For the farm family, the coming of fall means the streamlining of chores to make them easier to do in the rush of getting the crop in and the tillage done.
It means long days and short nights, lunches to go, making time and gas count by doing several errands inone trip, knowing where the aspirin bottle is (and sometimes bottles with long necks, holding the more popular universal liquidproblem solvers), and squeezing in all the have-to’s that come with daily living in rural America.
I remember a warm day last fall when I was trying to get it all done. When afternoon came, I took a break from writing and set out to take some harvest photos in the area. I visited with farmers who were nice enough to stop their combines long enough to talk yield and moisture.
(When most women talk yield and moisture, it’s a completely different conversation.)
It was my night off from taking supper to the field, so since I had a little time, I went to the grocery store. I was going home right after that, so it would work perfectly. I was making it count.
Driving home I spotted our neighbor combining beans across the road from our place, so before I took the groceries home I drove into the field and got more photo selections for the paper, and he invited me to ride with him in the combine.
It would only be a few short rounds, and I hadn’t visited with our neighbor in quite some time. It would be a nice time to catch up and talk crops, family and important issues like stamping out toenail fungus once and for all.
I rode a few rounds and found the conversation to be both nostalgic and refreshing. It reminded me once again of how special all of our neighbors are.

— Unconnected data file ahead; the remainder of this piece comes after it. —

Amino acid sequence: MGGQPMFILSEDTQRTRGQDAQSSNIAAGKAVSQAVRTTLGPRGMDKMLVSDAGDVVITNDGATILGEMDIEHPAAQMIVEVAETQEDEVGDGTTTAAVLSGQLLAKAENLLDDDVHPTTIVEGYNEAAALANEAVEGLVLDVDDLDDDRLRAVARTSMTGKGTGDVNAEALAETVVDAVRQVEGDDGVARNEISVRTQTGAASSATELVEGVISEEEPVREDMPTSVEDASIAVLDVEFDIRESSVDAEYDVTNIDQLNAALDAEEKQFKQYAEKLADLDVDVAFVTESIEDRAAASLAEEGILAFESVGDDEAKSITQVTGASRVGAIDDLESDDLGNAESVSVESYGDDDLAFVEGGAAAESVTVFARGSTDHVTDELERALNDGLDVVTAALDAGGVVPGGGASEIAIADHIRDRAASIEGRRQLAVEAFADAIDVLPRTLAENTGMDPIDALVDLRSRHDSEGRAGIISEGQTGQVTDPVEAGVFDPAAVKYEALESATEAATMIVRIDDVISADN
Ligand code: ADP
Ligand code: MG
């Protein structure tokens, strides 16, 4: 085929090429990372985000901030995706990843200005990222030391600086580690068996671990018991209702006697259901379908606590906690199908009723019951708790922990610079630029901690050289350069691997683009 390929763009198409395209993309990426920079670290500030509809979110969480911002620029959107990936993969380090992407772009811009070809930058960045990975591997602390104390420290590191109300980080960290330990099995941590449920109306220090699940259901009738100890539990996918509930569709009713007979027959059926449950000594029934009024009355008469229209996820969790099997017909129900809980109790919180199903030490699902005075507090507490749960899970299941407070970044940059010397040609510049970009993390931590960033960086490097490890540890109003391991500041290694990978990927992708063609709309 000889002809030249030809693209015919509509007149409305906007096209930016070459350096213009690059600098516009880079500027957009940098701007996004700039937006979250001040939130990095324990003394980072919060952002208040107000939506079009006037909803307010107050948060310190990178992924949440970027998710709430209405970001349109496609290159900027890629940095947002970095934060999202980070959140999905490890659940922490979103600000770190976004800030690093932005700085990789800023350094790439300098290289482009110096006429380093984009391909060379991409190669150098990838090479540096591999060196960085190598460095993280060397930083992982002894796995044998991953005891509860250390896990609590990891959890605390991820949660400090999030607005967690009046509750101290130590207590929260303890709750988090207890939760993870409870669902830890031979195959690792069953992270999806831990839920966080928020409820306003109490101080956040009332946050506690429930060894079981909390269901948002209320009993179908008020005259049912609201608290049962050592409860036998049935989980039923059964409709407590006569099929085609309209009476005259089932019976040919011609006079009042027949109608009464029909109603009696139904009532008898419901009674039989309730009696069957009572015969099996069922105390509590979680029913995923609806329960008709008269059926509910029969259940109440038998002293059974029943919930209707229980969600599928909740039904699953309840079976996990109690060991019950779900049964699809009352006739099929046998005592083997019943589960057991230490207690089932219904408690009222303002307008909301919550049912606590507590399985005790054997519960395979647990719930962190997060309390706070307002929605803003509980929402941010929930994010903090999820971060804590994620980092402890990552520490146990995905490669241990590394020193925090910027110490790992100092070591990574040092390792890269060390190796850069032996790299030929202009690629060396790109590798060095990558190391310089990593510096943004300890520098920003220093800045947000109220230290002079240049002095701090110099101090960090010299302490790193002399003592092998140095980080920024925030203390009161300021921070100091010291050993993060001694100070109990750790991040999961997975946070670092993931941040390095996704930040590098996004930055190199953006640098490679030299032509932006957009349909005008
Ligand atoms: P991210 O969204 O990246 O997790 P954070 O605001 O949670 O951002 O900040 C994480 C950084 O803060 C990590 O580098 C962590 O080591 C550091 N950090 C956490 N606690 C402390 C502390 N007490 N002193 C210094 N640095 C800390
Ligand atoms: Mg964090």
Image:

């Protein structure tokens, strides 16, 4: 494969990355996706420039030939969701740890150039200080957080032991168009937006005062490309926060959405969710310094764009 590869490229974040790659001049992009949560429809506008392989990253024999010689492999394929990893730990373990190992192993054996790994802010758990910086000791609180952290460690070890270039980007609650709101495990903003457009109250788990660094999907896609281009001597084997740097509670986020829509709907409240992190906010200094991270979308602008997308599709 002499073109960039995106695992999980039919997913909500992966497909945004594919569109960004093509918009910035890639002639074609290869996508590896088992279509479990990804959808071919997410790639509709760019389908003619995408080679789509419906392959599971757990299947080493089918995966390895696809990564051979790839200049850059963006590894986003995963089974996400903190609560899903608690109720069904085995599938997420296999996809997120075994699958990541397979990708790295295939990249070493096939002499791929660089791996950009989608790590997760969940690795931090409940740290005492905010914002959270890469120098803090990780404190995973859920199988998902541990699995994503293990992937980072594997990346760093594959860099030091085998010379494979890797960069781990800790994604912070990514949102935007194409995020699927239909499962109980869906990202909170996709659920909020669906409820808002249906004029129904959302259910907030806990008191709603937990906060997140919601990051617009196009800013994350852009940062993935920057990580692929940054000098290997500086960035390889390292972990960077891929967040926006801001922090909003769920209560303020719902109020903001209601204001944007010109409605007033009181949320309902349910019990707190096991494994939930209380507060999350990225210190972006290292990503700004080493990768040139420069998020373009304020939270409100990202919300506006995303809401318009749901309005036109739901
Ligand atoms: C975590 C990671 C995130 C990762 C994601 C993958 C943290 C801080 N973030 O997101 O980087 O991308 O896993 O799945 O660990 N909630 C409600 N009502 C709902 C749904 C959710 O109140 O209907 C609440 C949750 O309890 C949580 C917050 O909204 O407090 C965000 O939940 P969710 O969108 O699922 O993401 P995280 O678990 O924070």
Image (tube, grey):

Afternoon turned into night, and still we talked, remembered, looked ahead and hooked up wagons together as he continued harvesting his soybeans. When it was time to part ways, I was grateful to be able to share that afternoon and evening with someone who had taught my husband so much about farming before he was able to do it on his own.
I was sorry we didn’t get together more often.
By now it was 8:30 p.m. I drove the car across the road and into our garage, went into the house to make lunches for our guys for the next day and start supper for our harvesting crew for the next night. Everyone got home late, showered the sweat away from the warm day and went to bed, knowing the next day’s work was only a few hours away.
I’m not sure what did it, but I woke up with a start at sunrise that next morning, realizing the groceries I’d picked up that afternoon before were still in the car. I’d forgotten all about them in my excitement to ride my few rounds in the combine with our neighbor. They had been in the warm car all that time.
If they had been items like canned goods or bread, no worries-but you might know, most of it was milk and meat. Everything was warm, with the exception of my husband, who was a little hot under the collar when he discovered that my bad memory was now costing him money.
Good thing I wasn’t a horse with a broken leg. I suppose we could be born a horse in the next life – and you know what that means when it all hits the fan.
You can just forget it.
I’ve already gotten a head start on that one.
Schwaller is a Farm News correspondent from Milford. Reach her by e-mail at firstname.lastname@example.org and at www.karenschwaller.com.
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